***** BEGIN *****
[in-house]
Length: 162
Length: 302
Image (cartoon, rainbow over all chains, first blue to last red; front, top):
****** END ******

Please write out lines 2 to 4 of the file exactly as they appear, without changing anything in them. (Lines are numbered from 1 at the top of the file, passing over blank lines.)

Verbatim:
Length: 162
Length: 302
Image (cartoon, rainbow over all chains, first blue to last red; front, top):